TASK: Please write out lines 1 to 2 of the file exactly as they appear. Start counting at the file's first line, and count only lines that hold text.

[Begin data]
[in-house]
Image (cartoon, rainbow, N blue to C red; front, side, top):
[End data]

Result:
[in-house]
Image (cartoon, rainbow, N blue to C red; front, side, top):